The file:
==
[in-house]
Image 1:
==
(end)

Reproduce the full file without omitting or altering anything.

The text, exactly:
[in-house]
Image 1: